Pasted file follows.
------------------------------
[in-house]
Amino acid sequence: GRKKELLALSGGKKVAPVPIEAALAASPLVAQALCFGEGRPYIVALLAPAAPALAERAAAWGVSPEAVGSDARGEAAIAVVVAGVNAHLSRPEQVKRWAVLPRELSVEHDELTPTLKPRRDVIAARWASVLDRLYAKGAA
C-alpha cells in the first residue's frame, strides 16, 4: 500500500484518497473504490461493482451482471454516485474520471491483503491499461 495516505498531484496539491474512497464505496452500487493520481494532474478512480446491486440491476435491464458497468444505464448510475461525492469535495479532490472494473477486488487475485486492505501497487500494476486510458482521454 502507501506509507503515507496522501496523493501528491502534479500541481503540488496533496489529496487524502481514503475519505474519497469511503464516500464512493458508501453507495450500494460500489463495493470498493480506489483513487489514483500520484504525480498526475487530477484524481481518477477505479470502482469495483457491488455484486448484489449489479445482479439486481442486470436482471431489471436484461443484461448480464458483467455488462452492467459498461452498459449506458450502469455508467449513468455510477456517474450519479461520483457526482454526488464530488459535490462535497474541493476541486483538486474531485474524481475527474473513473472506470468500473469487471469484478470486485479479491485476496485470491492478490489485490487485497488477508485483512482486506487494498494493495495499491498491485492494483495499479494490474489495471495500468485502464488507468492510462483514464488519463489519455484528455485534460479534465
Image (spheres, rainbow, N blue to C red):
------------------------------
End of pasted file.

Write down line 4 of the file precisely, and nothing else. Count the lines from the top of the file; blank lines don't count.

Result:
Image (spheres, rainbow, N blue to C red):